We had spent hours watching her from afar, recording her story in images and words and sharing it with others. We wanted to…no…we needed to finally hold her in our arms and show our appreciation for all that she had meant to us over the years, all that she still means. She had never failed to make us smile, never failed to encourage us to allow our hearts to soar. Many people think that it is funny to become so attached to a wild creature but there are so many folks in Virginia, Iowa, Florida and across the country that understand that allowing yourself to become attached to a wild eagle carries far more blessings than heartaches, far more joy than pain.

Cindy was truly the queen of her domain. The Bible says that God’s unseen attributes are clearly seen in what He has created. Cindy never failed to reflect God’s glory, power, majesty and grace to my heart. The memory of her beauty will bless my heart forever as it does now as I share a posting that I never wanted to write.



Published in: on December 1, 2016 at 5:34 am  Comments (184)  

Blessings Upon Blessings

As you count your blessings tomorrow know that each of you are being counted among ours. We are truly grateful for all of our followers and visitors and for the blessing of being able to share Jim and Cindy’s adventures with all of you.

Most of you have read of how as a child I would lie on a hillside and search the summer skies for a glimpse of a passing eagle but there were none in the Dayton area to be seen. I still count it a marvelous blessing to be able to see them almost daily now! May we never grow so accustomed to the blessings that God sends our way to take them for granted and cease to be thankful.

May tomorrow be filled with love, laughter and smiles and may our every glimpse of an eagle remind us that God is watching over us.

From Jim and Cindy and all of the Eastwood Eagle Watchers, happy Thanksgiving and remember to keep looking up!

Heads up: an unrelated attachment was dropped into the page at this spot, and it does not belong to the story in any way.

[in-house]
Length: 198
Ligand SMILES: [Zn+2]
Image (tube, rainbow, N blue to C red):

Published in: on November 23, 2016 at 6:32 pm  Comments (7)  

The Necessity of Autumn Chores

Chores! Too many chores! Late autumn is full of them and they all need to be done.

We rush to take advantage of a few days of decent weather to prepare for the not-so-decent weather that is bound to hit us eventually. The patio furniture must be stored, the grill has to be covered, the wood pile should be prepared to make us cozy on chilly winter nights, storm windows must be installed, roofs prepared, furnaces inspected and readied, gutters cleaned, summer plants removed, vegetable gardens cleared, automobiles made ready for the frigid temperatures, slippery ice and sloppy slush… And don’t even mention the endless supply of leaves! All of these annual duties fall on top of the usual mopping, vacuuming, laundry, dishes… (I know that the word chores has six letters but it is really just a 4-letter word in disguise…WORK.)

All of those chores can easily get in the way of quiet walks in the wood, eagle watching by the lake and sharing the beauty of nature with friends. There are only so many decent days left in the year and it seems like such a shame to waste them on chores!

But chores are a necessity. Even for eagles. Jim and Cindy are laboring away at nestorations in preparation for the oncoming nesting season. Jim’s main job appears to be bringing home sticks for Cindy to place wherever she pleases. Sometimes he tries to offer a suggestion or two but our girl can be pretty strong-willed. After a brief tug-a-war Jim will fly off in search of yet another suitable construction timber.